Fear of Hope

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Science  26 Sep 1997:
Vol. 277, Issue 5334, pp. 1907
DOI: 10.1126/science.277.5334.1907

For centuries, physicians have taken special pains to dash the hopes of people who have suffered spinal cord injury. Over 2000 years ago, an anonymous Egyptian physician recommended that water be withheld from spinal-injured warriors.* Until recently, clinical pessimism was so rampant that medical personnel often did not treat spinal cord injuries as true medical emergencies. Many clinicians felt compelled to tell patients and their families that they should not expect recovery from spinal cord injury, even though clinical and laboratory data suggest that some recovery is not only possible but likely. For example, the National Acute Spinal Cord Injury Study showed that patients who arrive at hospitals with the slightest motor or sensory function below the injury site will typically recover 59% of lost motor function within a year. Even severely injured patients admitted with no voluntary motor or sensory function below the injury site typically recover 8% of their pre-injury abilities.

On page 2000 of this issue, Li et al. report an exciting finding that adds to a growing body of evidence indicating that regeneration and functional recovery can occur after spinal cord injury. The authors report that adult rat epithelial cells taken from the lining of the nose and transplanted into injured rat spinal cords significantly improve the ability of the animals to retrieve food pellets with their forepaws, presumably by encouraging regrowth of the severed axons. These results join and reinforce evidence from other groups, all reporting corticospinal regeneration and behavioral recovery in adult rats with injured spinal cords. Injured rats can be treated with antibodies that accelerate regeneration.,§ Or wounded spinal cords can be treated with genetically engineered cells or fetal cells or tissue to stimulate regeneration.|,,# These encouraging results have been well publicized and some have criticized such studies for giving premature hope to the spinal injury community.

What is the harm of hope? Undue optimism may mislead some people to develop unrealistic expectations and suffer depression when these expectations are not met. Anticipation of impending cures may encourage many to postpone therapies that would benefit them today. A few may even find enthusiastic clinicians who are willing to apply unproven experimental therapies on them. Fortunately, effective checks and balances exist at many levels to stem false hope. Concern that journalists and the public may misinterpret scientific results often leads researchers to present clinically relevant results with greater circumspection. Scientific journal reviewers usually require a higher level of proof for clinically relevant claims. Responsible journalists usually check their sources carefully and provide balanced commentary from experts when reporting therapeutic safety and efficacy. Finally, people with disabilities are not so naïve. Balancing hope and reality is a daily struggle for them. All people with disabilities have lived through surges of hope resulting from media reports of “cures.” Many have adopted the philosophy of planning for the worst but hoping for the best.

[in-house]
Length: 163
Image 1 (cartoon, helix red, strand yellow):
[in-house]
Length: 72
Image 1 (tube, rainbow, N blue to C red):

Spinal cord injury research is now poised at a crucial stage. Expectations of effective therapies for spinal cord injury have been raised. Although many neuroscientists are confident that such therapies will be developed, a wide gulf separates laboratory demonstrations of rats walking and effective human therapy. Migration of therapy from laboratory to clinic may take many years. Pessimists should not be telling people with spinal cord injury that they have no hope for recovery, nor should optimists predict availability of effective therapies within a short time frame. Future reports of spinal cord injury therapies must strike a careful balance between hope and reality. This balance should err on the conservative side but at the same time not deprive people of hope.

  • *J. H. Breasted, The Edwin Smith Papyrus (Univ. of Chicago Press, Chicago, IL, 1930).

  • †M. B. Bracken et al., N. Engl. J. Med. 322, 1405 (1990); W. Young and M. B. Bracken, J. Neurotrauma 9, S 397 (1992).

  • ‡B.S. Bregman et al., Nature 378, 498 (1995); B. S. Bregman, P. S. Diener, M. McAtee, H. N. Dai, C. James, Adv. Neurol. 72, 257 (1997).

  • § gC. C. Stichel, S. Hermanns, H. Luhmann, H. W. Muller, paper presented at the Fourth International Neurotrauma Symposium, Seoul, Korea, 23 to 28 August 1997 (J. Neurotrauma, in press).

  • |H. Cheng, Y. Cao, L. Olsen Science 273, 510 (1996).

  • ¶R. Grill, K. Murai, A. Blesch, F. H. Gage, M. H. Tuszynski, J. Neurosci. 17, 5560 (1997).

  • #S. Kawaguchi et al., paper presented at the Fourth International Neurotrauma Symposium, Seoul, Korea, 23 to 28 August 1997 (J. Neurotrauma, in press); Y. Iwashita, S. Kawaguchi, M. Murata, Nature 367, 167 (1994).

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